If Windows 10 shall fail, these are the probable causes


#1

Windows 10 is a big bet for Microsoft. After disappointing Windows 8.x release and due to the shift towards cloud-client computing it’s operating system dominance is facing more threats than ever before. While the 10 has potential to be the best Windows ever, there is a lot of doubt whether it can hold its ground in a nearly monopolistic fashion.

  • It is not a game changer by any means. Microsoft has been trying to create a lot of hype for the 10, but it real life it is more of a Windows 8.x face lift than a quantum leap in operating system development. It is still Windows in every way, with it’s strengths and weaknesses.

  • The user experience for a traditional PC and average user has not really changed. The benefits of Windows 10 vs. 7/8 are very limited on a basic laptop or desktop. For many people this is a positive thing, as there is virtually no learning curve. On the other hand the question remains why anyone should upgrade from 7, which is still being supported for years to come. Windows 8 users are more likely to update in order to get rid of the old Metro UI implementation.

  • The world of computing has become far less OS dependent. In many cases it makes no difference whether one uses OSX, Windows or Linux to launch a web based service. This is a big opportunity for competing platforms, if they would be able to deliver something with serious competitive advantages. Obviously it will not be easy and the revenue model would be a serious question mark in the plan. There is more free Windows available today than ever before.

  • It is unlikely that Windows 10 can conquer the mobile. Based on the Insider Preview releases Microsoft has yet again put much more effort in under-the-hood changes than the user experience (as with Windows Phone 7.x -> 8x upgrade). The tile driven UI concept simply is not selling and chances of closing the app gap look slim. It is fairly certain that new killer mobile apps/services keep ignoring Windows and keep focusing on Android & iOS. This damages the “Windows for everything”-story that Microsoft is trying to sell with 10. It is very likely that Microsoft will axe the failing mobile platform comletely and is forced to push their services on competing operating systems. Not being around in mobile means that most people are getting their 1st touch in computing/Internet on other operating systems (today Android) - people no longer grow up with Windows (MS-DOS) as in the previous decades.

  • The Edge is unlikely to cut it. As the web browser has grown into being the actual application platform on the desktop, it is very surprising to see the Edge being one of the soft spots in Windows 10. Once again it brings nothing new to the table for the end users, and actually lacks many of the features already available in competing browsers. There are virtually zero reasons to use. Internet Explorer is still used today due to legacy enterprise application compatibility.

  • The Xbox is taking a beating from PlayStation 4. Microsoft has burned billions and billions in the Xbox, as it was their strategy get from peoples’ offices to their living rooms. With the 360 they did pretty well, only losing slightly to Sony’s PS3. In the current generation they are back to taking a beating. It is also worth noting that the gaming industry is in a middle of momentum shift as well - new generations of consoles are failing to outsell their predecessors (PS2 tops the charts with ~158M units). Gaming today is more mobile and less stationary in the living room. Basically only thing missing is a solid connectivity solution from a mobile device to a big screen, and we may on the brink of (traditional) game console extinction. The Xbox has a role in the “Windows for everything”-story and it still is Microsoft’s only gateway out of the office space. My forecast is that Satya Nadella will eventually kill the Xbox too and as a result they are not people’s living rooms or pockets - Microsoft sits tightly at the office desk.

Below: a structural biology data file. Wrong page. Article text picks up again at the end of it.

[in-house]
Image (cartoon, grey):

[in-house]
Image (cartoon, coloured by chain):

• The Office suite has been the stronghold for Windows. Microsoft however has been very active in pushing it to foreign platforms. Today one can use Office on the web, Android, iOS and the OSX. This is a necessary change of strategy as the Office has even stronger market position than Windows, and Redmond guys will do anything to protect it. A serious threat to the dominance of Office, would be equally serious for Microsoft as a whole. Offering it as a service (Office 365) is a very lucrative business model and competing market entries will be difficult. It is a good product and a de-facto standard. Offering Office on other platforms is however effectively weakening the market position of Windows - why explicitly choose Windows if you can run the excellent Office services on anything?

So, while we may be looking at the end of Windows as the force in the world of operating systems, this does not mean that the future looks dark for Microsoft. Satya Nadella has been very effective in re-shaping the company and its business models. The paradox is that while he is opening new doors for Microsoft, he is also breaking the windows.

Microsoft has said that Windows 10 will be the last Windows ever (pun intended). What do you think?

Is it dusk or dawn shining through that window?


#2

Most of the time this error occur on the HP laptop when we update the window 10 on it. i also face the same issue on my laptop at that tome i concern with the Hp Customer Service to sort out my issue and they provide me the instant support and resolve my problem very easily. Thanks to HP Customer Service…